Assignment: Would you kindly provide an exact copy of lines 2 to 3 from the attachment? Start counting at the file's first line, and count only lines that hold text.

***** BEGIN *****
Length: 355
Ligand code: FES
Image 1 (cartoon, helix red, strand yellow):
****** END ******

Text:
Ligand code: FES
Image 1 (cartoon, helix red, strand yellow):